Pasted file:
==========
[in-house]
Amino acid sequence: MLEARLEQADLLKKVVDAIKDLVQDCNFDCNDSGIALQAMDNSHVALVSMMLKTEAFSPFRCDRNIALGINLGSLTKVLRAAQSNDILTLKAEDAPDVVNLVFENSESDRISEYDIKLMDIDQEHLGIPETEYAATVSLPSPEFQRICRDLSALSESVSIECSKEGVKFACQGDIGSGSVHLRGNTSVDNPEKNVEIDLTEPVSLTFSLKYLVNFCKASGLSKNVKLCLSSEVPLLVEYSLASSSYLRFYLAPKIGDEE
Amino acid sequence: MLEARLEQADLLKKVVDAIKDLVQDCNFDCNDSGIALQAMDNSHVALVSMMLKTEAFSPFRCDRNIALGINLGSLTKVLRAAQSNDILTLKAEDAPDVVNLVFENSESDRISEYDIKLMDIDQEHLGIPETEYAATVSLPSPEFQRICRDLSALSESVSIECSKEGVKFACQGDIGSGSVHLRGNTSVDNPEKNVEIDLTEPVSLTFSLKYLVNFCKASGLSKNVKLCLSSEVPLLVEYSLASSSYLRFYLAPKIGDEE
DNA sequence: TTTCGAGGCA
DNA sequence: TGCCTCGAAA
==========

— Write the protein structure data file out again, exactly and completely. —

[in-house]
Amino acid sequence: MLEARLEQADLLKKVVDAIKDLVQDCNFDCNDSGIALQAMDNSHVALVSMMLKTEAFSPFRCDRNIALGINLGSLTKVLRAAQSNDILTLKAEDAPDVVNLVFENSESDRISEYDIKLMDIDQEHLGIPETEYAATVSLPSPEFQRICRDLSALSESVSIECSKEGVKFACQGDIGSGSVHLRGNTSVDNPEKNVEIDLTEPVSLTFSLKYLVNFCKASGLSKNVKLCLSSEVPLLVEYSLASSSYLRFYLAPKIGDEE
Amino acid sequence: MLEARLEQADLLKKVVDAIKDLVQDCNFDCNDSGIALQAMDNSHVALVSMMLKTEAFSPFRCDRNIALGINLGSLTKVLRAAQSNDILTLKAEDAPDVVNLVFENSESDRISEYDIKLMDIDQEHLGIPETEYAATVSLPSPEFQRICRDLSALSESVSIECSKEGVKFACQGDIGSGSVHLRGNTSVDNPEKNVEIDLTEPVSLTFSLKYLVNFCKASGLSKNVKLCLSSEVPLLVEYSLASSSYLRFYLAPKIGDEE
DNA sequence: TTTCGAGGCA
DNA sequence: TGCCTCGAAA